Journalist puts down notepad after seven years of covering people of St. John Valley
Since 2011, I have had the opportunity to share stories from across the St. John Valley. Some have been happy, others sad. A few have been funny and more than a few, unfortunately, have been about tragedy or loss.
In the past seven years, I have covered everything from the highs of school sports victories to the numbness that grips a small town in the wake of a senseless homicide.
As I end my journalism career this week, it strikes me that the thousands of stories I have written and photographs I have taken have been, at their heart, about the people of northern Maine.
My first editor reminded me early on that stories are about people, not about agencies or programs. Stories serve as a bridge between people and not simply as a means to convey information. At least the ones we reporters like to write serve that purpose.
A news story is never about cancer. It is about how the family deals with their daughter’s diagnosis and treatment. The sports article is not simply about a baseball team. It is about the students and coaches who rallied together to bring a baseball program back to a small school.
My time with the St. John Valley Times and, since 2015, with the Bangor Daily News and Fiddlehead Focus, has afforded me opportunities to talk with people from Hamlin to Allagash and from Frenchville to Portage Lake. I have also ventured into Canada, where I was reminded that learning French at an early age may have been a good idea.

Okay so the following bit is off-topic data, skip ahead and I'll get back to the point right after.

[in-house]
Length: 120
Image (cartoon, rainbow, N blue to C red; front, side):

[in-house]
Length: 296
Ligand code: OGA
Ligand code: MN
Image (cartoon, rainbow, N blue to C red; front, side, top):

Each place has its own character, which I have tried to reflect in my stories and photographs. I have often been struck by the beauty of landscapes I have seen a hundred times.
It is always interesting to sit down expecting one story and ending up with another, or capturing a moment in photo that is fleeting yet poignant. As reporters, we often go into an interview with a plan, but must also be open to having that plan turned on its head.
In the end, though, the stories and images must be read and seen by readers. The articles that resonate with people are often shared on social media. The ones that anger people are also shared and commented on.
While I have sometimes noticed my successes at telling your stories, I have often been too busy to notice them all or to always take note of when I missed the mark. Even in rural Maine, there is always the next story to write.
From now on, however, it will not be me writing that story. I am staying in the St. John Valley, where I have been since arriving at UMFK in 1987, but moving on to another career. Others will be here to write the news. But, I appreciate the honor of being able to have shared your stories over the past several years.